A guide to Aussie slang for an intern abroad in Australia

Delivered in their distinct and beloved accent, an Australian’s every day language is peppered with unique and often entertaining words that don’t make sense to an outsider. During your internship in Australia, you will discover that, straying from the official English language, Aussie slang plays a key role in the country’s identity and culture. Often ranging from region to region, the unique words Australians use conversationally have become an endearing aspect of local culture. These words’ origins vary, deriving from convict culture, Aboriginal languages, the Australian gold rush, among other historical and cultural moments.

 

As an intern abroad in Australia, it’s your goal to try and master, or at least decipher, this fascinating language “down under”. These local colloquialisms are part of what make Australian culture unique. Learning them will bring you closer to the culture and make you feel firmly integrated into Australian society. For navigating the workplace, after office fun and travel we’ve assembled the following:

 

internship in Australia

 

An official guide to Aussie slang for interns abroad in Australia

 

At the office:

G’Day – greetings, hello, short for the interjection “good day”

Arvo – afternoon

Yakka – work

Tradie – a tradesperson, often trades also have their own names like a carpenter would be a “chippie”, an electrician is a “sparky”

Sickie – day you take off work when you’re ill

Ta – thank you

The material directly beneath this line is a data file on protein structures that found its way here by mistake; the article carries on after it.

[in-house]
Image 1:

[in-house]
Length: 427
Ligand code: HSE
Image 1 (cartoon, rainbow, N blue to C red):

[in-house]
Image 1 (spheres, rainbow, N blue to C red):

She’ll be right, she’ll be apples – it’s all going to be OK

Uni – university, college

 

internship in Australia

 

Out and about:

Chockers – extremely full, bursting at the seams

Esky – cooler, portable ice chest, ice box

Ripper – fantastic, really great, same as “bonzer”

Full as a centipede’s sock drawer – stuffed or quite full

Bog in – like “dig in”, a start to eating vigorously

Stone the crows – used to express awe or amazement

Mad as a meat-axe – insane, really crazy

Chokkie – chocolate

Popular as a rattle snake in a lucky dip – someone who isn’t very popular

Fair dinkum – genuine, authentic, true

Bush telly – campfire

Sweet as – very cool or awesome, the adverb “as” is often added to the end of adjectives for emphasis like “common as” or “lovely as”

 

Places:

Servo – a gas or petrol station

Unit – apartment

Macca’s – the good ole golden arches aka McDonald’s

Op shop – thrift or vintage store, short for “opportunity shop”

 

 

Sources: australianexplorer.com, mentalfloss.com, koalanet.com.au, BBC, australia.gov,

Photo 1. based on Pebbly Beach Kangaroos Australia – 095, by Kyle Taylor, CC-by-2.0

Photo 2. based on outback landscape, by live_free_or_die_77, CC-by-2.0

Photo 3. based on Melbourne, by
Peter Mackey, CC-by-2.0

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Elizabeth Trovall

After short stints in Argentina and Belize, Elizabeth is finishing up her fourth year in Santiago, Chile. Elizabeth writes about international internships, life abroad and professional development for The Intern Group. She also reports on politics, business and culture in Latin America for public radio and print media. An Austin, Texas native, Elizabeth first left home to earn her journalism degree from the Reynolds Institute of Journalism at the University of Missouri. Besides her friends and family, she misses live music and Mexican food the most.
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